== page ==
You are in the market for an iPhone – a used iPhone – and have started to research online (kudos for taking this step to protect yourself before making a purchase). Before taking a leap of faith, you should ask yourself some basic questions (break it down to the 5 W’s and an H for good measure). Who? What? Where? When? Why? How?
You can get a used iPhone from just about anyone (seriously, ask your mom before starting your iHunt). The first thing you should ask yourself is where are you going to purchase your used iDevice? An online flea market like Craigslist has a million listings (most of these guys and gals are professionals – not the helpless person selling their last prized possession in order to feed Harry the Hamster). Be ready for real sales gimmicks – not a real person on your level (unless you are a professional flipper then you are probably not reading this anyways). The deals sound great. The time is limited. The device is going to sell fast. The device is the best one available. This sounds like a car commercial when you break it down to its basic tenets.
Some online forums like eBay offer larger variety – but you are not able to see your product until it is too late. iDoctor has seen many folks come in with FAKE iPhones purchased off of eBay. We are not certain of the circumstances, but heard that the customer was stuck with the device and not able to collect a refund (buyer beware). Are you certain you can identify a real iPhone from a blurry picture?
Some websites specialize in iPhone sales. Gazelle and a few other similar sites take in large numbers of used phones and sell them. We do not endorse any of these places, but suspect the devices are tested before they purchase them and before they sell them. You can expect to pay a little premium for these devices, but you get what you pay for, right?
Friends – some people are wary of doing business with friends. Perhaps your friends are shady and you can count on them to hose you. Perhaps you actually like your friends – if this is the case, have a professional look over the device before purchasing it at a fair market value. That way you preserve your friendship in the event the device is junk-ola.
What are you looking to purchase? iPhone? iPod? iPad? Do some basic research and make sure the device will serve the basic needs you require. Some phones will work on certain carriers and not others. An iPhone that was used on Sprint network will not work on Verizon’s network (and vice versa). Phones purchased on these networks will not work on AT&T network or T-mobile (and vice versa). Know what you are looking to purchase before calling around for a device – this will give you the opportunity to find the best value within the category you are looking.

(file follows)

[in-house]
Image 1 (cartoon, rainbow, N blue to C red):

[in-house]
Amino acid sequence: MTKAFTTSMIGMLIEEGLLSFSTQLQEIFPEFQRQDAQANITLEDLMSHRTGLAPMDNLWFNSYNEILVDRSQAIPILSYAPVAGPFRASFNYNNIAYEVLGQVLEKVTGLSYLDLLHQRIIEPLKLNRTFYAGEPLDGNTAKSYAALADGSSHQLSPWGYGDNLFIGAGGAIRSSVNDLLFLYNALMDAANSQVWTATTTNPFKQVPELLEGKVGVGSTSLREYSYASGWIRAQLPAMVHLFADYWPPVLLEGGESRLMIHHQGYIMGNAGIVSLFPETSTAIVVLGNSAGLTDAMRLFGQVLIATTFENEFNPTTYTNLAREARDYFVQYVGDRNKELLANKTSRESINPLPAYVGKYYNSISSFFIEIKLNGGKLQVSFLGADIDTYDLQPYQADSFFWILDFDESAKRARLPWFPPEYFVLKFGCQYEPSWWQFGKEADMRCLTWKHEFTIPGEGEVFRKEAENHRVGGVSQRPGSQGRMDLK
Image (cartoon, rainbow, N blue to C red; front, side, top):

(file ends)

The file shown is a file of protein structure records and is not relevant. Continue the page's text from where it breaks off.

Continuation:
Just need something to access the internet? Something to take quick notes? Want to look cool? Documenting your life one picture at a time? A little research will give you expectations and reveal limitations of the device you are eyeing up. There is no need to get a 64GB iPad 4th generation if all you need is to play kids movies for 30 minutes in the morning. Alternatively, a 16GB iPad is not going to suffice if you are traversing the globe taking pictures, watching movies, and playing some crack-like addictive game. Figure out why you need a device to narrow down your specifications.
When do you need the device? Your flip phone from 1999 finally died because you put it in the dryer after it fell in a puddle of oil during a failed DIY attempt at auto repair. There is no way you can go another month disconnected from the world – so this will eliminate some retailers that require a lot of digging to get to. Limited options will alter your purchase strategy.
Who are you purchasing from? Is it Dr. Know…or Dr. NO ? Unless you KNOW them, be prepared to say NO. Keep your guard up and remember – you get what you pay for. The device might be a good deal for the money (think about that one for a bit).
Do you need to wire several thousand dollars to a Prince that is trying to validate his royalness via advanced DNA testing before you can get the iPhone with the proof that will change the world? Is the transaction cash only? How will you deal with any problems that arise after the tail lights disappear off in the distance? How will your life manage to continue if the device isn’t all that (or worth a bag of chips)?
Bottom line of this blog – prepare yourself. Do your research and ask questions.
iDoctor would be happy to give an assessment of a device before you purchase it. Many other repair shops would probably do the same. Don’t get burned by the scams out there.
Have questions? We would love to help!